man has spent centuries domesticating dogs, yet dogs still bite people every
As Fulk conducts a tour of the cats' cages near Pittsboro, it's clear that
the preserve treats the animals with respect.
One of the first cats a visitor encounters at the compound is an arthritic,
23-year-old jaguar named Elwood who nevertheless has massive paws, neck and
Though Fulk obviously adores the animal, sweet-talking to it through its
chain-link enclosure, her affection has limits. "Would I go in with Elwood?
Never in a million years," she said.
Many of the cats had harsh lives before they came to the preserve, where the
biggest cats are kept in enclosures of 1 to 2 acres.
Fulk pointed out Jellybean, a white Bengal tiger that was sold by a roadside
circus, and his pen mate, Tex.
"Tex was tied to a post in a parking lot in Houston. He was starving, and
somebody just abandoned him there," she said.
Fulk also pointed to the cage of a reclusive tiger named Moose.
"He was hand-raised here, and he dislikes people intensely," she said. "So
there again, it's not whether they're hand-raised."
The Animal Protection Institute in Sacramento, Calif., a nonprofit advocacy
group, also reacted to C.J. Eller's death in December by urging state
legislators to prohibit private ownership of dangerous exotic animals as
pets before another child is killed.
A committee studying a potential exotics ban in Wilkes County used a model
ordinance from the Animal Protection Institute to write a draft of a
The proposal's list of banned pets includes giraffes, camels, lions, tigers,
panthers, bears, wolves, armadillos, rhinoceroses, elephants, monkeys,
prairie dogs, coral snakes, Gila monsters, alligators and others.
But despite the attacks by "pet" tigers in Wilkes and Surry counties, most
legislators from the region seem content to leave the regulation of exotic
animals to local officials.
"I tell people this is a local issue, and they should look to local people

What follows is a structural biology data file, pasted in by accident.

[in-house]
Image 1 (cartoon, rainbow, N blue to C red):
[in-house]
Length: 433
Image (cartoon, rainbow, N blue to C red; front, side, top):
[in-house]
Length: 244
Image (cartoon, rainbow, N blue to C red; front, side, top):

to do that," said Rep. Rex Baker, R-Stokes.
Baker noted, though, that officials in Stokes County are considering a ban
because of worries that a ban in neighboring Surry could prompt a spillover
of exotic pets into Stokes.
Rep. Jim Harrell, D-Surry, said that residents in his district seem willing
to let local officials adopt the rules to avoid unintended effects on, say,
ostrich farmers. "My constituents are just concerned that each area needs to
address it," he said. "I have not perceived a push to do a statewide ban."
Teachers and students at C.J. Eller's school in Wilkes County, though, are
working to get a statewide ban on dangerous exotic animals as pets.
"The students, of course, were very interested in what they could do to help
to keep something like this from happening again," said Rebecca Mastin,
C.J.'s fourth-grade teacher at Moravian Falls Elementary School.
On what would have been C.J.'s 11th birthday, March 14, the students planted
a sugar maple in the boy's memory and held a ceremony at the school.
N.C. Sen. John Garwood, R-Wilkes, was among those invited. One little girl
who had written a letter about the exotic-animal issue and her friend C.J.
handed her letter to Garwood, then broke down in sobs.
"Those kids just cried - it was real sad," Garwood said.
Ashe: Ownership is subject to approval by animal control, county
Davidson: Moratorium on new animals, currently considering new ordinance
Forsyth: Bans ownership of exotic pets
Guilford: Bans ownership of exotic pets
Stokes: Considering a ban, public hearing April 26
Surry: Adopted ban last month on big cats, non-native venomous reptiles,
nonhuman primates and wolves
Watauga: Bans ownership of dangerous or wild animals
Wilkes: Considering a ban, working on a draft
Yadkin: Bans the ownership of inherently dangerous mammals and reptiles
NOTES: Journal reporter Monte Mitchell contributed to this story.
More information about the AR-News